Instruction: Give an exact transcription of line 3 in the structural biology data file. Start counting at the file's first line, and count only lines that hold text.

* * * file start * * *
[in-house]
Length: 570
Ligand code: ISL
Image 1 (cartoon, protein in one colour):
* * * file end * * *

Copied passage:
Ligand code: ISL